Wagner Writer

One of my fellow writers recently posted a video about how some authors will kill you off in a book if you piss them off in real life. Say, for example, an acquaintance named Jennifer throws you under the bus at work. How to you enact the ultimate passive aggressive revenge? You create a character in your novel named Jenny then have her die a horrible death.

The second I watched the video, I stared at the screen in a trance. See, I’d already done that years ago when I was a kid. Back before I’d even thought about being a writer. And I learned that you never kill a friend/acquaintance off in a book. Since the Halloween season is approaching, I think it’s the right time to finally share this story.

Back in elementary school, I was best friends with a kid named John. At the time, I was going through a really snarky phase. I constantly made fun of John but swore everything was done in “good fun”.

One day, a month or so before Halloween, he’d had enough and snapped, “I’m not playing with you anymore until you stop.”

How did I respond? Well, I crossed my arms and said, “You’re just a big baby. Like your Cabbage Patch doll.”

True to his word, he stopped hanging out with me. From that moment on, we were sworn enemies. Just as the Cody and John wars were escalating – with us both trying to get the rest of the class on each of our respective sides – our teacher gave us a Halloween assignment:

Write the scariest story you can imagine.

Talk about perfect timing! I sat down and vowed to write the most horrific story ever! And I would do that by subjecting John to the worst death possible: impaling him on two-feet-long ghost vampire zombie bat fangs!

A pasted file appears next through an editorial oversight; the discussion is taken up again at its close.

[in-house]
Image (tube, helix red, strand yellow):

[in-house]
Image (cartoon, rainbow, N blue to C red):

Zombie Bat

Gruesome! I just knew I’d win the prize. Talk about killing two birds with one stone.

Then about a week before the contest, two things happened that changed the course of my story:

1. We found out we had to read aloud to the rest of the class. Glorious! Everyone would see how much I hated John. And they’d be terrified at his death. It was perfect! I even made some revisions to heighten the gore.

2. A mutual friend of ours came up and said, “I read some of John’s story and he’s killing you.”

So John was going to try to beat me at my own game??? Oh man, I was furious! The second I got home that night, I rewrote half my story. Killing John off wasn’t good enough, anymore, so I tortured his character throughout the entire thing. Given I was in fifth grade, my tortures weren’t of the usual “rip off his toenails” variety. No, I had zombies eat half his brain. And they ate the smart half, which made him really really stupid in class. Then werewolves tore off his running muscles so he was even “slower than the girls” during P.E. By the time the contest day rolled around, I had 8 pages of John torture I was sure would one-up anything he could do. When Mrs. Burton called on volunteers that morning, my hand naturally shot in the air.

Unfortunately, so did John’s.

“John, why don’t you go first,” she said.

I sat back, fuming. He’d won that round. But I refused to show it. As John went to the front of the class, I sneered at him. My glare was supposed to say, “Do your worst.”